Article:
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Scores of Somerset schools set to close for one-day teachers strike
8:00pm Wednesday 11th September 2013 in News
PARENTS are unsure if schoolchildren will get a day off next month when scores of teachers in Soemrset go on strike.
Individual head teachers and governors will decide whether to stay open on October 17, when NASUWT and NUT members across the South-West walk out over a row with the Government.
With 85% of staff in the two unions, widespread closures are inevitable, with hundreds of parents forced to make alternative arrangements.
Education chiefs say they will help schools “make every effort to stay open”, but further disruption is likely with a one-day national strike threatened before Christmas.
Robin Head, NUT divisional secretary in Somerset, blasted Education Secretary Michael Gove’s “attack after attack” on teachers.
“Teachers’ conditions are far worse – their workload has increased, but they’re getting told by the Government that they’re not good enough,” said Mr Head.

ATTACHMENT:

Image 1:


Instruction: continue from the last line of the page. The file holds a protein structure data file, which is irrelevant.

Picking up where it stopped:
“Teachers work extremely hard, yet all they get is attack after attack.
“With the austerity measures, teachers are getting reduced pay, they’re paying more for smaller pensions and there’s a reduced opportunity to progress as quickly as before.
“The Government’s measures make the profession look less attractive and some good teachers are being lost.”
Mr Head also criticised Government policies of allowing schools to implement their own systems of pay and basing salaries on performance, which he says is unfairly measured by exam results.
Mr Head and NASUWT general secretary Chris Keates said a national strike would go ahead unless Mr Gove engaged in talks with the unions.
Mr Keates said: “The attacks on teachers are relentless.
“The reward for their hard work, dedication and commitment has been a vicious assault on their pay, conditions and professionalism.
“Teachers will be angered by the recklessness of the Secretary of State’s continuing failure to take seriously their concerns and engage in genuine discussions to address them.”
A Somerset County Council spokesman said: “We will provide advice to schools within the authority so that they can plan for industrial action by NASUWT and NUT members and make every effort to stay open where possible.
“Decisions on remaining open or closing will be taken by head teachers in consultation with their governing bodies based on their own individual circumstances.”
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